My interview with Nancy Mattina on Gladys Reichard, ‘America’s least appreciated anthropologist’ is now live over at the New Books Network. Go take a listen! Nancy’s carefully-researched book re-captures the achievements of Gladys Reichard, a woman whose achievements, Nancy persuasively argues, was erased by her contemporaries. Perhaps the closest discipline of both Franz Boas and Elsie Clews Parsons, Nancy presents an image of an incredibly productive scholar with a zest for living whose work was disparaged by the sexism of men like Edward Sapir and Clyde Kluckhohn and the classism of blue-blooded women such as Ruth Benedict and Margaret Mead. It’s easy to be put off by Sapir’s misogyny today, but what I thought made this book and our interview so fascinating was Nancy’s portrayal Benedict and Mead not as feminist heroes but as envious of and less-successful than Reichard. In the middle we ask the question: What would have happened to American ethnography if Reichard, carrying Boas’s and Parsons’s style forward, had become hegemonic. It’s a fascinating question! And with Reichard’s wonderful ethnography Spider Woman now available for free download, hopefully more people will be able not only to ask this question, but answer it.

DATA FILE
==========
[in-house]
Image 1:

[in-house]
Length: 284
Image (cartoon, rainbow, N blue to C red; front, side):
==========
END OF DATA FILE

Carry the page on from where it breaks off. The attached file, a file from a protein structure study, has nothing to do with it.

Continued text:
Published by Rex
Alex Golub is an associate professor of anthropology at the University of Hawai‘i at Mānoa. He is a political anthropologist who studies kinship, customary land tenure, and the mining and petroleum industry in Papua New Guinea. He also studies the video game World of Warcraft, and is an advocate for open access scholarly communications. His book "Leviathans at the Gold Mine" has been published by Duke University Press. View all posts by Rex